Big Pike Memories With Dad in Saskatchewan

Babe's Winkelman's First Fishing Trip

When I was seven years old, my dad took me and my brother Dennis out for our first real fishing trip. With a coffee can full of worms for bait, we boated with my Uncle Tag and cousin Jim down to the shallows of a calm clear bay to cast for sunfish.

More than 60 years later, I can still remember every detail of that day like it was last week. The sunfish were swimming everywhere. It was nuts! We ended up catching as much as our gunnysack could handle, and we didn’t stop fishing until we ran out of worms. I had never had that much fun in my life.

I learned a very good lesson that day, which I have passed on to all my girls.

The most important, cherished things in life are those memories we make in the outdoors with our family.

As the years passed and I made my career in the outdoors, I took Dad on countless adventures. One of the most memorable trips we shared together was in Northeast Saskatchewan, at Reindeer Lake. This was one of the first big pike trips I had taken Dad on, and he was as excited as I was the first day he took me fishing for sunfish.

At the time, the Ganglers owned the camp we stayed at and on the third day of our trip, they had a special lake surprise. They had the concession on several smaller lakes just west of Reindeer and they sent us to one that had hardly been fished, which they knew had big pike.

We started in bays and, like I always did, I moved all the way up front, stood on the deck and used my fishing glasses to spot the fish. At first, Dad thought I had lost my mind. I wasn’t casting, just looking. He was getting impatient to say the least. Finally, I spotted a small group of four or five good ones and pointed to where they were for Dad. He couldn’t see them so I had to coach him as he cast 20 feet past the fish. “Reel as fast as you can,” I said. When he was close I said, “Stop reeling and let the lure fall.” When I watched the biggest fish of the group inhale his spoon, I screamed, “Set the hook, you got em!”

The Fight Was On!

Before the trip, Dad was worried about being able to hang on to the rod when he caught a big fish—due to a farming accident, he only had the pointer finger and thumb on his left hand. This was the test. Both he and the big pike were determined to win the battle, but Dad finally got the monster fish up to the boat. I landed it by hand and gave it to him.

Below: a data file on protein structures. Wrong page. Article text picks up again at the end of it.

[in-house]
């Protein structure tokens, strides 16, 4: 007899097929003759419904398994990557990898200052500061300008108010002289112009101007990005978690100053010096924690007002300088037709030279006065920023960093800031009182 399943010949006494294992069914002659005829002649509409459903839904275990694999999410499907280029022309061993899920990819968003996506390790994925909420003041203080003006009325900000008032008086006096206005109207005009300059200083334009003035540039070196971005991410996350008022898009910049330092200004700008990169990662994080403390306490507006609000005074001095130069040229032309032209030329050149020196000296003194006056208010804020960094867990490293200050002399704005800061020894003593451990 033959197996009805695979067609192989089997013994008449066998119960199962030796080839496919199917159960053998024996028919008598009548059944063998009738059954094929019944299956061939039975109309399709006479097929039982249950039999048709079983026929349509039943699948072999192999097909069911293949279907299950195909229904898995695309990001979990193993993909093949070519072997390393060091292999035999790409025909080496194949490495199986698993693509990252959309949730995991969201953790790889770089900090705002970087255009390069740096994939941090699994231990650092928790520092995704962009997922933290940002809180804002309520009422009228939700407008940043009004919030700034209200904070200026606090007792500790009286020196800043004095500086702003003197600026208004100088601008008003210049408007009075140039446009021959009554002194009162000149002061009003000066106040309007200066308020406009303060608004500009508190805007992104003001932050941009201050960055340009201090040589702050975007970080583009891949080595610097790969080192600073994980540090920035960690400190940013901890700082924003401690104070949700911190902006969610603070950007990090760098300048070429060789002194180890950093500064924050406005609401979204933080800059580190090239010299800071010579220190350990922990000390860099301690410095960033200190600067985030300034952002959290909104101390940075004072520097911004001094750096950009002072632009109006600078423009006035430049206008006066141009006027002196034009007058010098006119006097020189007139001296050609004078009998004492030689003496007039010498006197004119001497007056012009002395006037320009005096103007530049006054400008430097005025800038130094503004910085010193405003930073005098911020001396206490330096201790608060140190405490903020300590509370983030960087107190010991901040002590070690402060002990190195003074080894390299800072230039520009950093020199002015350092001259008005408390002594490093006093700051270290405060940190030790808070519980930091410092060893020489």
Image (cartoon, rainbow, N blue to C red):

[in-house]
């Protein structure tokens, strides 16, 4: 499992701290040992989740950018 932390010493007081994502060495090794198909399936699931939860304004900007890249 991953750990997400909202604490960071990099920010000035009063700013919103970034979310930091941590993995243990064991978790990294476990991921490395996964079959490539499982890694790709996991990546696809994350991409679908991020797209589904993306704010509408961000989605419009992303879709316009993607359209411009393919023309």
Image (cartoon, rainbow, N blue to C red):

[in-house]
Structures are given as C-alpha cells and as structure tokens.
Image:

So, now Dad’s holding his fish, talking for the cameras about the biggest fish he’d ever caught in his life and how it was the grandfather of all northern pike, like he was a grandfather. He always tried so hard when filming with me, and he was so happy and proud. It was perfect!

Once the camera turned off, I thought Dad and the guide were releasing the fish, so I started looking for the others because I knew they were all over 20 pound big fish!

I just made a cast when I heard a loud THUMP come from the back of the boat. I turned around and there stood my father, holding a bloody oar, with a huge smile on his face. I said, “Dad! The Ganglers use this as a catch and release lake only!” He looked at me and said, “If them SOB’s think I’m going to throw away the biggest fish I have ever caught in my life, then they’ve got another thing coming.” He stood like a rock, holding his oar like a Titan challenging the world. I burst out laughing. That was the only thing left to do.

We went on to catch more enormous northern pike and filmed an incredible show. But his first catch, somewhere over 26 lb., was Dad’s largest of the day.

A couple days before my father passed away, we talked for the hundredth time about that trip to Saskatchewan. The joy was immediately back on his face, as I remembered it was in the boat that day.

There is no better place to make world-class, big pike memories than Saskatchewan.

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